Drugs and Alcohol
In the past couple of weeks, the number of overdoses has been unusually high (with some deaths) among people who use drugs, primarily heroin, across parts of the country.
Heroin, Oxycodone Pills and Xanax (Alprazolam) powder has been discovered to be extra strong.
Testing of some batches has shown that they had been adulterated with an extremely dangerous synthetic opiate called Nitazene. Nitazenes may be hundreds of times more potent than heroin and can be at least as potent as fentanyl.
What people who use drugs need to do:
If you support someone who takes heroin, be aware that it could be stronger than usual with a higher risk of overdose and share the advice below.
We would recommend that you also encourage people who use our services to avoid oxycodone pills and Xanax powder.
The only way to avoid all the risks is to not take drugs which are not prescribed for you. However, if you do choose to take them, please bear in mind the following points for safer use.
- Go low and slow: be extra cautious about where and who you get your drugs from, and about the drugs you are taking – start with just a quarter hit of your regular amount and wait before using more
- Do not use alone: you're safer if there's someone with you who can watch out for you and call an ambulance in emergency
- If using with others, it's best if only one person uses the drug first and uses less as a test dose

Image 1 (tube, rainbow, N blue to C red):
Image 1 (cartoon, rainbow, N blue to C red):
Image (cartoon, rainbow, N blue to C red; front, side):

- Don't mix drugs: Using more than one drug increases your risks of overdose, including mixing with alcohol and other depressant drugs such as diazepam and pregabalin
- Look after your friends: watch others carefully for the signs of an overdose, e.g. unable to wake up, difficulty breathing, blurred vision, weakness or slurred speech
- Make sure you have enough naloxone available: more doses of naloxone may be needed to recover from a synthetic opiate overdose.
- If you have oxycodone pills and Xanax powder that you don't take, make sure to get rid of them safely for example at a pharmacy or an amnesty bin (not down a toilet or in a rubbish bin).
Pavilions (for help with drug and alcohol problems)
Provides drug and alcohol services for adults residing in Brighton & Hove (BN1, BN2, BN3, BN41 postcodes). Support is available to anyone concerned about their drug or alcohol use, or for the families & carers supporting those struggling with substance misuse.
- Visit the website
- Call: 01273 731900
For people under 18 years old, please contact RUOK? instead. RU OK? is a drugs and alcohol misuse service for under 18s.
- Visit the website
- Call: 01273 293966
Talk to Frank
If you have a problem with drugs Talk to Frank for friendly, confidential drugs advice.
Alcoholics Anonymous (AA) is a fellowship of men and women who share their experience, strength and hope with each other that they may solve their common problem and help others to recover from alcoholism. The only requirement for membership is a desire to stop drinking.
If you’re worried about your own or someone else’s drinking, you can call this free helpline, in complete confidence.
- Telephone: 0300 123 1110
Recovery Lighthouse is a state of the art alcohol and drug rehab in West Sussex. All our staff are respected addiction treatment practitioners. We have a long history of helping people get well for many years, we care about the people we help and have had a great success in treating addictions and other related conditions.
Drinkaware Online Tools & Apps
Online trackers and apps from Drinkaware to help you avoid harm from alcohol.
One You Days Off - Mobile App
The One You Days Off app is a simple and easy way to track the days you drink alcohol and the days you don’t.
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